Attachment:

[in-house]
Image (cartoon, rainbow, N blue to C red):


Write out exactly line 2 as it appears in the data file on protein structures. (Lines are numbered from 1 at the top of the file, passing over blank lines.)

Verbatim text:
Image (cartoon, rainbow, N blue to C red):